‘Extraordinary’ black hole weighs in at 70 solar masses

‘Extraordinary’ black hole weighs in at 70 solar masses

‘Extraordinary’ black hole weighs in at 70 solar masses

A 70-solar-mass black hole has been discovered orbiting a star in the Milky Way. The object is the heaviest stellar-mass black hole detected so far in our galaxy. Its very existence is puzzling astronomers because black holes of this size are not expected in the Milky Way.

Formed by the gravitational collapse of massive stars, black holes are difficult to observe because light cannot escape their powerful gravitational pull. As a result, astronomers look for the effects of a black hole on its surroundings. This is relatively easy to do for some supermassive black holes, which weigh-in at millions or billions of Suns and light-up the centres of galaxies including the Milky Way.

Much more difficult to see are stellar-mass black holes, which have tens of solar masses. Since 2015, the LIGO (and subsequently Virgo) gravitational wave detectors have spotted the merger of several pairs of stellar-mass black holes – suggesting that black holes of at least 70-80 solar masses existed long ago in distant galaxies.

Gas gobblers

Closer to home in the Milky Way, astronomers have found several black holes by looking for X-rays produced when gas from a nearby star is sucked into the objects. While there are an estimated 100 million stellar-mass black holes in the Milky Way, only about two dozen have been spotted using X-rays – suggesting that most black holes are not gobbling gas from companions. These black holes all weigh in at under 30 solar masses.

Now, an international team of astronomers has used the LAMOST telescope in China to detect a stellar-mass black hole by its effect on a companion star in a binary system. The binary system about 15,000 light-years away in the Milky Way and has been dubbed LB-1.

The black hole was identified by detecting a periodic change in the radial velocity of the companion star as the two objects orbit each other. Every 79 days, the star accelerates towards and then away from Earth – and this can be detected as a Doppler shift of the light from the star. By studying other aspects of the light from the star, the team could also conclude that is about eight solar masses.

“Extraordinary” mass

The team also observed light coming from a disc of hydrogen surrounding the black hole, allowing them to track the motion of the black hole itself. Putting this information together, the astronomers worked-out that the black hole is 70 solar masses – something they describe as “extraordinary”.

The  team was led by Jifeng Liu of the National Astronomical Observatory of China of the Chinese Academy of Sciences and he explains why he was so surprised: “Black holes of such mass should not even exist in our galaxy, according to most of the current models of stellar evolution”.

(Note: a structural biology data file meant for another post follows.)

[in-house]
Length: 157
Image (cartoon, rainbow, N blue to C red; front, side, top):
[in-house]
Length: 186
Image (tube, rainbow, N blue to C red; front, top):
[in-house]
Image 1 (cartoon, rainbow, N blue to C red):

A 70-solar-mass black hole has been discovered orbiting a star in the Milky Way. The object is the heaviest stellar-mass black hole detected so far in our galaxy. Its very existence is puzzling astronomers because black holes of this size are not expected in the Milky Way.

Formed by the gravitational collapse of massive stars, black holes are difficult to observe because light cannot escape their powerful gravitational pull. As a result, astronomers look for the effects of a black hole on its surroundings. This is relatively easy to do for some supermassive black holes, which weigh-in at millions or billions of Suns and light-up the centres of galaxies including the Milky Way.

Much more difficult to see are stellar-mass black holes, which have tens of solar masses. Since 2015, the LIGO (and subsequently Virgo) gravitational wave detectors have spotted the merger of several pairs of stellar-mass black holes – suggesting that black holes of at least 70-80 solar masses existed long ago in distant galaxies.

Gas gobblers

Closer to home in the Milky Way, astronomers have found several black holes by looking for X-rays produced when gas from a nearby star is sucked into the objects. While there are an estimated 100 million stellar-mass black holes in the Milky Way, only about two dozen have been spotted using X-rays – suggesting that most black holes are not gobbling gas from companions. These black holes all weigh in at under 30 solar masses.

Now, an international team of astronomers has used the LAMOST telescope in China to detect a stellar-mass black hole by its effect on a companion star in a binary system. The binary system about 15,000 light-years away in the Milky Way and has been dubbed LB-1.

The black hole was identified by detecting a periodic change in the radial velocity of the companion star as the two objects orbit each other. Every 79 days, the star accelerates towards and then away from Earth – and this can be detected as a Doppler shift of the light from the star. By studying other aspects of the light from the star, the team could also conclude that is about eight solar masses.

“Extraordinary” mass

The team also observed light coming from a disc of hydrogen surrounding the black hole, allowing them to track the motion of the black hole itself. Putting this information together, the astronomers worked-out that the black hole is 70 solar masses – something they describe as “extraordinary”.

The  team was led by Jifeng Liu of the National Astronomical Observatory of China of the Chinese Academy of Sciences and he explains why he was so surprised: “Black holes of such mass should not even exist in our galaxy, according to most of the current models of stellar evolution”.